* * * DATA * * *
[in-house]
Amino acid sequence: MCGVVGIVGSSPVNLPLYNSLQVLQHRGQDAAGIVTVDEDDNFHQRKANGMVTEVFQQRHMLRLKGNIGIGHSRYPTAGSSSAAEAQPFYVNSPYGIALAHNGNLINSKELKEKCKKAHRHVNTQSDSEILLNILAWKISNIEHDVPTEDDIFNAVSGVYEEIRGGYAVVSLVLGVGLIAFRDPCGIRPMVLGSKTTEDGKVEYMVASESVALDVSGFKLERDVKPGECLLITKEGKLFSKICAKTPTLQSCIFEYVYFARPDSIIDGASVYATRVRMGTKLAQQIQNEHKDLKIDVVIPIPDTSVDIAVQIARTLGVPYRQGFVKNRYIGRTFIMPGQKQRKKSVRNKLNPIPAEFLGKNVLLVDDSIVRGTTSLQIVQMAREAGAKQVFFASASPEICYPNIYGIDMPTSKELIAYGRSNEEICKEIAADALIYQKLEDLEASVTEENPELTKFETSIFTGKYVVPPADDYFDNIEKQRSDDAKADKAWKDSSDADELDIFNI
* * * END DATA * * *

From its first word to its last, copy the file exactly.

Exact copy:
[in-house]
Amino acid sequence: MCGVVGIVGSSPVNLPLYNSLQVLQHRGQDAAGIVTVDEDDNFHQRKANGMVTEVFQQRHMLRLKGNIGIGHSRYPTAGSSSAAEAQPFYVNSPYGIALAHNGNLINSKELKEKCKKAHRHVNTQSDSEILLNILAWKISNIEHDVPTEDDIFNAVSGVYEEIRGGYAVVSLVLGVGLIAFRDPCGIRPMVLGSKTTEDGKVEYMVASESVALDVSGFKLERDVKPGECLLITKEGKLFSKICAKTPTLQSCIFEYVYFARPDSIIDGASVYATRVRMGTKLAQQIQNEHKDLKIDVVIPIPDTSVDIAVQIARTLGVPYRQGFVKNRYIGRTFIMPGQKQRKKSVRNKLNPIPAEFLGKNVLLVDDSIVRGTTSLQIVQMAREAGAKQVFFASASPEICYPNIYGIDMPTSKELIAYGRSNEEICKEIAADALIYQKLEDLEASVTEENPELTKFETSIFTGKYVVPPADDYFDNIEKQRSDDAKADKAWKDSSDADELDIFNI